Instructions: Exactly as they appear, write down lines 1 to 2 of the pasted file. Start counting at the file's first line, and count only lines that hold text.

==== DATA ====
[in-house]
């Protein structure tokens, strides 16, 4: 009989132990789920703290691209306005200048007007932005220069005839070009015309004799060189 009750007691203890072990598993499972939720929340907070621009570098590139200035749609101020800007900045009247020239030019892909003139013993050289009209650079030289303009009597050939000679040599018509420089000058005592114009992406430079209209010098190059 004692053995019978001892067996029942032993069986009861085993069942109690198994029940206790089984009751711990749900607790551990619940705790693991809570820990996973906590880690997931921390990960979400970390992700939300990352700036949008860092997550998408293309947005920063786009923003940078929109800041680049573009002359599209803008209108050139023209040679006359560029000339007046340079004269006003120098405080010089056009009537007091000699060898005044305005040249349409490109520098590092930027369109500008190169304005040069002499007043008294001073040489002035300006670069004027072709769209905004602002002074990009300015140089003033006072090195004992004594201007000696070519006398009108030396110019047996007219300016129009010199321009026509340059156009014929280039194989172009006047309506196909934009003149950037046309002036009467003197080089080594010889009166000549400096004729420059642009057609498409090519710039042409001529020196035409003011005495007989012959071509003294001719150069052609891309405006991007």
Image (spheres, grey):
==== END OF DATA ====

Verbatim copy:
[in-house]
């Protein structure tokens, strides 16, 4: 009989132990789920703290691209306005200048007007932005220069005839070009015309004799060189 009750007691203890072990598993499972939720929340907070621009570098590139200035749609101020800007900045009247020239030019892909003139013993050289009209650079030289303009009597050939000679040599018509420089000058005592114009992406430079209209010098190059 004692053995019978001892067996029942032993069986009861085993069942109690198994029940206790089984009751711990749900607790551990619940705790693991809570820990996973906590880690997931921390990960979400970390992700939300990352700036949008860092997550998408293309947005920063786009923003940078929109800041680049573009002359599209803008209108050139023209040679006359560029000339007046340079004269006003120098405080010089056009009537007091000699060898005044305005040249349409490109520098590092930027369109500008190169304005040069002499007043008294001073040489002035300006670069004027072709769209905004602002002074990009300015140089003033006072090195004992004594201007000696070519006398009108030396110019047996007219300016129009010199321009026509340059156009014929280039194989172009006047309506196909934009003149950037046309002036009467003197080089080594010889009166000549400096004729420059642009057609498409090519710039042409001529020196035409003011005495007989012959071509003294001719150069052609891309405006991007």